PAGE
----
Five for Friday: Long-Term B1G Predictions
By Tony Gerdeman
The world of college athletics is in a state of upheaval, and the Big Ten is no different. With the ever-growing influence of television, and the tectonic shifting of expansion and realignment, the future of the Big Ten is almost unknowable.
Fortunately for you, I am here to clear away some of the cloudiness of what is to come. I have seen the future, and now I am putting it to virtual pen and paper. And then I am typing it out for you to read.
What does the future of the Big Ten hold? Wonder no longer, as I give you a glimpse into what is to come.
1. Maryland will become a power, once they get the right coach.
I tell as many people as I can that the Maryland football program is a sleeping giant. Maybe not a national championship "giant", but certainly a giant who takes New Years Day bowls from the likes of Michigan State or Nebraska. They have their own Phil Knight in Under Armour founder Kevin Plank, a former Terrapins football captain. They have a recruiting base that helped build Penn State into a football power, and now they have the Big Ten to sell along with it. Head coach Randy Edsall probably still has a couple of years left in him, but once Maryland decides to go in a different direction, the Terrapins could take off. Imagine the energy that would be brought with a guy like Ohio State offensive coordinator Tom Herman after two more years with the Buckeyes.
2. Rutgers will be the cousin that nobody likes to talk about.
Imagine if you had a burrito franchise that you wanted to continue to expand. You've put one on this part of town, and that part of town, and every store has been successful. So now you want to move to the very best location in the city, but Chipotle is already there and they dominate the market. In order to make the move profitable, you would somehow have to damage Chipotle. So what you would do is hire somebody to come in and discreetly spread some E. coli around, making people sick for a month or so. Then, when the scandal is at a fever pitch, lease a building close by and advertise, advertise, advertise. You would probably also make mention that "Our burritos won't kill you or render you biologically gender-neutral like some", and then you'd have an arrow pointed in the direction of Chipotle. Obviously, this is decidedly not how you wanted to enter this area, and you are absolutely ashamed of what you had to do to get there, but you "had to do what you had to do". Well, that's how the Big Ten feels about adding Rutgers in order to get the New York market.
3. Barry Alvarez will pre-package his College Football Program-Building System and sell it late at night on the Big Ten Network.
I've long believed that any Big Ten football program can have Wisconsin-like success. The Badgers don't do anything cute, they don't have a tremendous recruiting base, they are never the most talented team. All they do is line up and play. Basically, anybody can do what they do. However, a lot of unsuccessful football programs "line up and play", and they don't do it nearly as well as Wisconsin has for the last 20 years. In the near-future, however, those lesser programs will be able to do things "the Barry Alvarez way" when he takes to the infomercial circuit to sell his 25 DVD teaching tool, "The Alvarez System for Football Excellence and Condescension", of which Bret Bielema was his first master pupil, or "Sith apprentice". The best part about Alvarez's system? He will also release it on VHS for the Iowa Hawkeyes.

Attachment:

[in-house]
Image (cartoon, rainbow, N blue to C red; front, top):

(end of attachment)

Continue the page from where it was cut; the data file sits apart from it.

4. Northwestern will keep on keeping on.
Pat Fitzgerald has got the perfect system going for his football program. It's a blueprint that has been followed by others over the years as well. Basically, when you live life as an undermanned football program, you have to even the playing field by going with an up-tempo spread offense. Then, defensively, you just do whatever you can to keep your offense within a score at the end. In the Big Ten, that's a recipe for 8-10 wins just about every year. With Northwestern being in the Big Ten West moving forward, they will be a threat to play for the Big Ten Championship at least 4-6 years every decade. That's not bad for a "smart school", even in the Big Ten. And even if Northwestern loses Pat Fitzgerald, they should still be able to follow the path set forth by Randy Walker.
5. Kentucky will make a fine addition to the Big Ten.
Kentucky is going to learn over the next few years that recruiting Big Ten players will only bring you success in the Big Ten. It does no good in the SEC. It's like taking your Disney Dollars to the Waffle House and expecting your mousey currency to be honored. So, with that in mind, Kentucky will petition to the Big Ten to be invited into the fold. Wanting to keep from looking like the holler-hating elitists that Gordon Gee pegged the Big Ten as, Jim Delany and the conference presidents will overwhelmingly agree to invite the University of Kentucky into the conference. "They couldn't possibly be any worse than Rutgers," Delany will say.
Bonus: Ohio State and Michigan will cost each other at least four playoff appearances in the next decade.
Together, they will cost Rutgers 10 playoff appearances over the next decade.
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